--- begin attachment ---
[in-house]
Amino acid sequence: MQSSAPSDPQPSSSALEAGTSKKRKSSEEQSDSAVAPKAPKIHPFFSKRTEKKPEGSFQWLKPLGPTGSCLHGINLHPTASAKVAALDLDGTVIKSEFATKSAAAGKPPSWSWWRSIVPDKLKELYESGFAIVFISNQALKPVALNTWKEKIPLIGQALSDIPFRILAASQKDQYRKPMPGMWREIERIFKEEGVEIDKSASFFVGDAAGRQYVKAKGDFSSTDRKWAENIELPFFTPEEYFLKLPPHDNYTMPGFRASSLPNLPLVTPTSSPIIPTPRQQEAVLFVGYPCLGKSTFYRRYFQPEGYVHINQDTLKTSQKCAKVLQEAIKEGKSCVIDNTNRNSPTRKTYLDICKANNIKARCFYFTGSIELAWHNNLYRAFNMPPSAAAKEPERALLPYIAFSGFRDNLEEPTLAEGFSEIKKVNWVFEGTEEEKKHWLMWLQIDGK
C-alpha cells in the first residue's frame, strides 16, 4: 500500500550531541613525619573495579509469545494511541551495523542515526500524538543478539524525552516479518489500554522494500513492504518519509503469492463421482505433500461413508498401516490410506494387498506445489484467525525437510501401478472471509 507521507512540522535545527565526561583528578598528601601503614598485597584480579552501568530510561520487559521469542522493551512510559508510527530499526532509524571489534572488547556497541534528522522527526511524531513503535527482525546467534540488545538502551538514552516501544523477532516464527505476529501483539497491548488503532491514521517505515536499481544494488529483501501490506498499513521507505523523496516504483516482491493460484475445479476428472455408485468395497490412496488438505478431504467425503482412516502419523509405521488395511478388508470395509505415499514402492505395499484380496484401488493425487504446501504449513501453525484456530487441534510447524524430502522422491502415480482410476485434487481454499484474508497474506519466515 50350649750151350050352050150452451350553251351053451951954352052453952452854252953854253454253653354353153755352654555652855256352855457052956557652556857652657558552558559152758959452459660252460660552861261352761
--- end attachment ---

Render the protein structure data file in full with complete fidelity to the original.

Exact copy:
[in-house]
Amino acid sequence: MQSSAPSDPQPSSSALEAGTSKKRKSSEEQSDSAVAPKAPKIHPFFSKRTEKKPEGSFQWLKPLGPTGSCLHGINLHPTASAKVAALDLDGTVIKSEFATKSAAAGKPPSWSWWRSIVPDKLKELYESGFAIVFISNQALKPVALNTWKEKIPLIGQALSDIPFRILAASQKDQYRKPMPGMWREIERIFKEEGVEIDKSASFFVGDAAGRQYVKAKGDFSSTDRKWAENIELPFFTPEEYFLKLPPHDNYTMPGFRASSLPNLPLVTPTSSPIIPTPRQQEAVLFVGYPCLGKSTFYRRYFQPEGYVHINQDTLKTSQKCAKVLQEAIKEGKSCVIDNTNRNSPTRKTYLDICKANNIKARCFYFTGSIELAWHNNLYRAFNMPPSAAAKEPERALLPYIAFSGFRDNLEEPTLAEGFSEIKKVNWVFEGTEEEKKHWLMWLQIDGK
C-alpha cells in the first residue's frame, strides 16, 4: 500500500550531541613525619573495579509469545494511541551495523542515526500524538543478539524525552516479518489500554522494500513492504518519509503469492463421482505433500461413508498401516490410506494387498506445489484467525525437510501401478472471509 507521507512540522535545527565526561583528578598528601601503614598485597584480579552501568530510561520487559521469542522493551512510559508510527530499526532509524571489534572488547556497541534528522522527526511524531513503535527482525546467534540488545538502551538514552516501544523477532516464527505476529501483539497491548488503532491514521517505515536499481544494488529483501501490506498499513521507505523523496516504483516482491493460484475445479476428472455408485468395497490412496488438505478431504467425503482412516502419523509405521488395511478388508470395509505415499514402492505395499484380496484401488493425487504446501504449513501453525484456530487441534510447524524430502522422491502415480482410476485434487481454499484474508497474506519466515 50350649750151350050352050150452451350553251351053451951954352052453952452854252953854253454253653354353153755352654555652855256352855457052956557652556857652657558552558559152758959452459660252460660552861261352761